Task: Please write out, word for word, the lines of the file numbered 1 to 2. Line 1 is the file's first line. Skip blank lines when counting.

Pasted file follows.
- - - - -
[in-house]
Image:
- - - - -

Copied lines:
[in-house]
Image: